The Suns have suffered a less-than-satisfactory year and a half, yet have decided that they will not make any drastic moves like giving up two-time MVP Steve Nash. The Lakers, on the other hand, aren't in need of change with Kobe Bryant leading them to the head of the Pacific so far, which has been a familiar place for the Lakers.
Keeping the same team together for the Suns will be seen as a stupid move unless they can match productivity of previous years. To see if they have what it takes to be a contender, they will have to compare themselves to the Lakers, who are looking like a team to beat right know in the Pacific division.
We start with the matchup between two veterans that have seen a lot of each other over the years. Both were first round picks in 1996, with Fisher coming nine picks after Nash.
When you look at this close up, it is pretty clear that Nash takes this one with ease. Forgetting the two MVPs and multiple seasons leading the league in assists, this year, Nash has played better than Fisher, even though his team hasn't.
Nash is averaging a double-double with 14.5 PPG and 10.4 APG, while Fisher has been almost nonexistent with only 5.4 PPG and 4.1 APG. There isn't much more to say, as Nash is still playing with the fire he had five years ago while Fisher's career seems to be coming to a close.
Does much need to be said about this matchup? It doen't get much more lopsided than this. The first-year starter Dudley has had an average year with almost 10 PPG, but the Black Mamba can't be challenged and may be playing better than anyone else in the league.
Kobe has been averaging over 30 points a game and averages more assists and rebounds than Dudley, not to mention MVPs, five Finals rings and scoring titles. Dudley has evident, young talent and will bloom into a great shooting guard, but it is clear that Bryant is the winner of this competition. It is also obvious that he is the reason the Lakers have 11 wins.
The Lakers don't have a full-time starter on their team, as that spot is shared by Matt Barnes and the man formally known as Ron Artest. But regardless, Grant hill takes this matchup by a slim margin due to similar stats, but leadership and defensive skills that have not deteriorated in the slightest during his 16-year tenure.
Barnes is a solid position player, but does not show the traits needed to become a star in the NBA. Artest, on the other hand, had those competitive juices that made him a feared player in the league, but he basically had a fallout when he joined the Lakers and even lost his full-time starting job.
Grant Hill may be getting older and losing some of his energy, but he still has the edge over the Lakers' two-headed monster, which seems to be the Laker gap after Odom left in the offseason.
Once one of the best three-point shooting big men in the league, Frye has recently declined in confidence, which has been evident in his play. He has been missing open shots, bringing in less than six measly rebounds a game and playing with a lack of explosiveness that we have come to expect from NBA players as a whole.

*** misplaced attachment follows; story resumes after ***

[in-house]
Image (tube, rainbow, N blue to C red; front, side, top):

Different than Frye, Pau has succeeded as the second option to Kobe's one-man point machine. He has been averaging near a double-double this season, and has been picking up the slack after Odom's departure. Gasol may have been mentioned in trade rumors earlier this season, but his play has stopped those talks dead in their tracks.
The obvious choice at this position is the Spaniard from Hollywood over the struggling seven-footer in the Valley of the Sun. Although Pau may not be an All-Star, he has done his part to help the Lakers in the fight for LA's love.
This matchup is probably the best in all of the comparisons between these two teams. On one side is the Polish power Gortat, who has arguably been the best Sun this year and has been their go-to man in the clutch. On the other, we have Bynum, who has the most All-Stars votes of West centers.
Gortat may have the scoring title among Phoenix Suns, but Bynum beats him in most relevant stats and has been a large member of the Lakers' offense, as well as a force on defense. The sixth-year player out of New Jersey has finally found his "niche" on the Lakers' team.
When looking at the benches of each team, you have to look at productivity and how big a part of the team they are. If you put those together, the Lakers seem to get a slight edge when you include Metta World Peace.
Blake has stepped up as well as several other key role players, while the Suns only have Shannon Brown to pull the slack. Meanwhile, Robin Lopez brings a short-lived energy boost that is impressive until it dies down and his sub-par play is revealed.
The Lakers take this one because they don't really have to rely on their bench, so they look better when maintaining the lead, while the Suns need everyone to play like starters to pull out victories.
When you add up the five starting spots and the benches, the Lakers take the match-ups by a score of 4-2, which ironically was the tally of games in the 2010 Conference Championship between these two teams.
The Lakers have continued their reign of success, while the Suns have declined in part to their lack of change and "mixing it up." Whether they have to trade away Nash, their multiple-MVP point guard, or they have to set up a package of prospects for a star that can carry the team and raise the level of play of others. Either way, change is what the Suns need if they are going to make a claim at Western Conference relevance.